Field of Dems looks to knock off Wisconsin’s Mr. Invincible

Four years ago, Wisconsin Gov. Scott Walker (R) launched an early wave of attack ads against Democrat Mary Burke, essentially burying her campaign, and securing his own re-election, even before the summer got underway.
This year, as Walker seeks a third term, he has not used his campaign treasury on a similar barrage of advertising aimed at defining the race — because he’s not sure which of the eight Democrats vying to face him in November will emerge from Tuesday’s primary.
{mosads} Perhaps no gubernatorial contest in the country has embodied the benefits — and potential drawbacks — of Democratic enthusiasm ahead of this year’s midterm election. 
Wins in several special elections, for state legislative seats and a state Supreme Court seat, have made Democrats believe this is the year they can finally knock off the once-invincible Walker. Public polling that shows Walker struggling against one of the Democratic candidates backs up that sentiment. 
Democrats are so excited by the prospect of beating Walker that a bevy of candidates jumped into the race right away.
But none of them are stars — the Democratic bench has been so decimated in Wisconsin in recent years that the party has few standouts left who might have been able to scare away potential rivals. Those who did enter the race are little known outside their own distinct bases, and few have raised the financial resources necessary to run robust paid media campaigns.
“The large field split Democratic money among a lot of candidates,” said Charles Franklin, a political scientist who conducts polling for Marquette Law School.
Franklin’s latest survey tells the story of such a fractured field.
The only candidate with any kind of statewide base, Superintendent of Public Instruction Tony Evers (D), leads with 31 percent. None of the other candidates — including firefighter’s union chief Mahlon Mitchell (D), who has heavy labor backing, and former state Rep. Kelda Roys (D), who has support from EMILY’s List — have cracked double digits.
Even Evers isn’t that well-known. The Marquette poll showed 60 percent of registered voters, including 54 percent of Democrats and Democratic-leaning voters, do not have an opinion of a candidate who has been elected to statewide office three times.
The Democratic candidates largely agree on the platform one of them will use to run against Walker in the fall: Most oppose tax breaks for Foxconn, the Taiwanese electronics manufacturer setting up a new factory outside Milwaukee. They favor new spending on education and on roads, weak spots in Walker’s record that Democrats hope to highlight.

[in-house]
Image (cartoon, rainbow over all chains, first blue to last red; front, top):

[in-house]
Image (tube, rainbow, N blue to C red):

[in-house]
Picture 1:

But only four of the eight Democrats have been able to afford television spots. 
In recent weeks, the contest has grown increasingly bitter. One candidate, former state Democratic Party chairman Matt Flynn, has questioned whether Evers, Roys or Mitchell have the temperament to take on Walker.
Flynn has attempted to bat away criticisms of his work as a lawyer for the Catholic archdiocese of Milwaukee during the church’s sex scandals.
Mitchell has faced questions about a payment made to a former union staffer who settled a lawsuit over undisclosed allegations. 
Walker had nearly $6 million in the bank at the end of June, the last campaign finance report made publicly available. Whoever emerges from Tuesday’s primary is likely to be nearly broke. 
Democrats are planning a bulwark against the inevitable Walker onslaught: State Democrats have hired Tom Russell, Sen. Russ Feingold’s (D-Wis.) former campaign manager, as a consultant to help get donors off the sidelines quickly. And the Democratic Governors Association has booked $4 million in television airtime already.
“Democrats may never be able to compete with Republican special interest Koch brother money, which Scott Walker has up the wazoo,” said T.J. Helmstetter, a spokesman for the state Democratic Party. “We will absolutely be able to run a well-funded campaign throughout the general election period.”
Walker’s team contends they will have to deal with an onslaught of cash from outside groups aimed at paying him back for a stinging set of measures targeting public employee unions back in 2011.
Tens of millions of dollars in big government special interest money is lining up to distort his record of reform, but the governor will continue to offer a conservative model for others by running on his accomplishments and vision to keep Wisconsin working for generations to come,” said Brian Reisinger, a senior Walker advisor.
Public polls hint at the importance of Walker’s ability to knock down his eventual opponent quickly: He trails in recent surveys conducted by Emerson College and Marist College, the latter conducted for NBC News. He led Evers by just four points, 48 percent to 44 percent, in a June Marquette survey.
Walker’s job ratings are remarkably steady for an incumbent who has been such a political flashpoint over the years. His approval rating has tended to stay between 47-49 percent, while those who disapprove are a point or two shy of that.
Franklin, the Marquette pollster, says that stability masks the intense partisan feelings Walker has engendered.
“It’s a bit not unlike Donald Trump, in the sense that Democrats are very substantially disapproving and haven’t shown much movement, and Republicans are very substantially approving” of Walker’s job performance, he said. “This has never been a governor who could expect the 55 let alone 60 percent approval. But he’s also the governor who’s generally had disapproval in the low 40s.”
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